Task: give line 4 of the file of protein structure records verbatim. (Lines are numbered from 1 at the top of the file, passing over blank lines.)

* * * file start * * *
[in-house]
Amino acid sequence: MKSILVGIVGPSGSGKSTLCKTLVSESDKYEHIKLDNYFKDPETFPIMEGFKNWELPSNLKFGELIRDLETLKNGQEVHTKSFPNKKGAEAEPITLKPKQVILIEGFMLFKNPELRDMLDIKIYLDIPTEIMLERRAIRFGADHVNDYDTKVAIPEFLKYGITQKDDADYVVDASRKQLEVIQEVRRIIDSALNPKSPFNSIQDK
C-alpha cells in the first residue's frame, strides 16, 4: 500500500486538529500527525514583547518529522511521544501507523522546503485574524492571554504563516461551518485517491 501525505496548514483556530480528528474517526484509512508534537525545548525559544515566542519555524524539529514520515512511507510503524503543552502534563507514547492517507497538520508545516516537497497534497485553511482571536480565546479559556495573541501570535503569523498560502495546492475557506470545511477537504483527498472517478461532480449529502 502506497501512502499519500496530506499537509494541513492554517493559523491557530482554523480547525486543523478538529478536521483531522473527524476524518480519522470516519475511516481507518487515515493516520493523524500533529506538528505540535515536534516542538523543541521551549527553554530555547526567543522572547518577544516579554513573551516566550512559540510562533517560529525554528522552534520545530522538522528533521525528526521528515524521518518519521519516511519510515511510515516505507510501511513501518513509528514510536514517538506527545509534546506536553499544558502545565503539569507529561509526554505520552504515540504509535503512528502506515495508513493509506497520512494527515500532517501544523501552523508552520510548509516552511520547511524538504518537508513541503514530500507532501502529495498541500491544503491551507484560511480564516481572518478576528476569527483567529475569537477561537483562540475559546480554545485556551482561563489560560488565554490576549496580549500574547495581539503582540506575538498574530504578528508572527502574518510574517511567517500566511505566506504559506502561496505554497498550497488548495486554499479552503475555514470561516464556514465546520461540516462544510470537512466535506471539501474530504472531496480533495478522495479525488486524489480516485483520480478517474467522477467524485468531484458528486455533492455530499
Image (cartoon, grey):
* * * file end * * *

Image (cartoon, grey):